Go figure. So the distributor lobby can’t argue that any longer. Which leaves them with arguing that it will hurt their business (and protecting their revenue is more important than the right of the people to purchase a product however they see fit), and of course spending lots and lots of money to purchase the votes, or at a minimum the non action, of our illustrious state legislators.
Del. Tom Hucker, D-Silver Spring, says he is drafting a bill for the General Assembly session starting next month. “It’s terrific that the report debunks the myth that special interests have been spreading for years,” said Hucker, who introduced the bill in 2008 and 2009, and served as a co-sponsor in the last General Assembly. “I think the comptroller’s report only pushes the ball forward, farther than it has ever been. This is the year we can expect some movement.”
Hopefully he can get it past Joan Carter Conway.
Crossposted at The Grand Crew
From a the Washington Post article on the passage of the new food “safety” bill:
The measure also gives the Food and Drug Administration the authority to recall food; now, it must rely on food companies to voluntarily pull products off the shelves. And the bill would give the FDA access to internal records at farms and food-production facilities.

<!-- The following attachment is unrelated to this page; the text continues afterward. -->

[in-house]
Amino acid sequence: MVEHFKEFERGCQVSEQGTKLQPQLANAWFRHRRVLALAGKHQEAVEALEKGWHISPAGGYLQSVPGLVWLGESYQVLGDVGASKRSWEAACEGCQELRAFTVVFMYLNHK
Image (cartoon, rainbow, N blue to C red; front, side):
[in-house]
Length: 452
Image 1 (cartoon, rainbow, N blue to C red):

That, and that alone, makes the bill unconstitutional. It’s not even debatable.
The 4th Amendment, for those of you who don’t remember:
The right of the people to be secure in their persons, houses, papers, and effects, against unreasonable searches and seizures, shall not be violated, and no Warrants shall issue, but upon probable cause, supported by Oath or affirmation, and particularly describing the place to be searched, and the persons or things to be seized.
And the Fifth:
No person shall be held to answer for a capital, or otherwise infamous crime, unless on a presentment or indictment of a Grand Jury, except in cases arising in the land or naval forces, or in the Militia, when in actual service in time of War or public danger; nor shall any person be subject for the same offense to be twice put in jeopardy of life or limb; nor shall be compelled in any criminal case to be a witness against himself, nor be deprived of life, liberty, or property, without due process of law; nor shall private property be taken for public use, without just compensation
In what reading of those two passages does the FDA have any authority or power to force a company to recall a product or have access to the records of any company?
The internet has grown to an unimagined scope and reach over the last ten years. It has done so with little to no regulation, interference, or support from the government.
So naturally, we need to keep it from getting worse by having people who don’t understand it regulate it.